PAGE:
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September 16, 2013

Schreiner cleared to get back in game

Major heart attack doesn't stop this dentist

DUNCAN — There are those in your life who, perhaps unbeknownst to you, have had great life experiences. They could be, say, your hometown dentist.

In this case, it is one of Duncan’s teeth professionals who has quite the story to tell. Carl Schreiner III, born in Seminole and raised in Midland, Texas, returned to Oklahoma to attend the University of Oklahoma.

“I played football under the legendary Charles “Bud” Wilkinson,” said Schreiner. “He was the most important influence in my life and I pattern my life after that man.”

Schreiner had come to a decision about what to do with his life early on. Though he loved sports, he was also studious and enjoyed working with his hands. When the decision was between medicine and dentistry, his local physician recommended the latter career.

This desire to become a dentist was tested when after college, Schreiner joined the Boston Red Sox. He played baseball with the team for about two years.

“I was contacted by the Boston Red Sox about the same time I was accepted into dental school,” he said. “After a while, I decided I’d make a better dentist than a baseball player.”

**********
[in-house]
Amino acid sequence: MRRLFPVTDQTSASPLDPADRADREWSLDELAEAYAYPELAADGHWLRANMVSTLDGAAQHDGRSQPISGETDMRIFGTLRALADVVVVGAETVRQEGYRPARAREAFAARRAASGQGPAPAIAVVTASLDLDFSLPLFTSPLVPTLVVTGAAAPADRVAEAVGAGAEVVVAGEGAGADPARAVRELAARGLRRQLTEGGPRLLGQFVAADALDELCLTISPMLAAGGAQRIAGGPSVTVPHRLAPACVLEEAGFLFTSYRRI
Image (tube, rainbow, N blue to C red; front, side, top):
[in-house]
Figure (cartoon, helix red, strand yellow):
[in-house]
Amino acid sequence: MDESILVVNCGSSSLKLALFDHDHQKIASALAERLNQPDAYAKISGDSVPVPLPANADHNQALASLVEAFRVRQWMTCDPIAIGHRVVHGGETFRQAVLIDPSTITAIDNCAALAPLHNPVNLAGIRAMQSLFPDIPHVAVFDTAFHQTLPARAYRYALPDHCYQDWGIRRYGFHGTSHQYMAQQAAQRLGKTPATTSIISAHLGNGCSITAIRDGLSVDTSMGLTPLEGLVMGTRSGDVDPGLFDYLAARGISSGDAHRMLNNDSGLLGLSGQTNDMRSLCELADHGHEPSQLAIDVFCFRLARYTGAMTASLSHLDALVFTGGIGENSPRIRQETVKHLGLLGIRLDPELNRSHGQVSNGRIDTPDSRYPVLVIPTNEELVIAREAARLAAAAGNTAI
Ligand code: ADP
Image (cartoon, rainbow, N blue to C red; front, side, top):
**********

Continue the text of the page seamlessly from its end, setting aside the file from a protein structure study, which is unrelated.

After graduating in 1969 from the University of Tennessee Dental School in Memphis, Tenn. with a doctorate of dental surgery degree, Schreiner became captain of the dental corps at Kelly Air Force Base in San Antonio, Texas. He received his honorable discharge from the U.S. Air Force in 1971.

“My sister-in-law told me about Duncan and advised me to visit the dentists here,” Schreiner said. “It’s my size, it’s my kind of people. It’s an ideal location.”

Dentists Bob Schick and Lester Hull, as well as the few other dentists at the time, helped make Schreiner and his family at home. He and his wife Linda have two children, Kristen and Carl IV, and six grandchildren.

In 1976, Schreiner’s younger brother Terry joined his Duncan practice, fulfilling a life-long dream the two had. While his children were growing up, Schreiner remained active in sports by coaching his son’s baseball teams and was president of the Duncan athletic booster club when DHS became football champions in 1984 and 1985.

He continues to follow OU and DHS football as best he can, work outdoors and collect antique clocks. Schreiner also looks after 1,500 to 2,000 patients at his practice. However, Schreiner recently had a setback in the pace his life was going.

On Aug. 29, after spending a day out in the sweltering Oklahoma heat and chasing his two young grandsons around, Schreiner suffered a major heart attack while leaving the Bass Pro Shop in Oklahoma City. A police officer was nearby and administered early CPR, which saved his life.

“I’ve been given a clean bill of health,” said Schreiner. “My patients are panicking that I’ll retire but I plan on easing back into things.”

Already, Schreiner has spent a few hours each day back in the office.

“Duncan is a great place,” he said. “I’m going to keep on taking care of my patients, some I’ve had for 40 years.”

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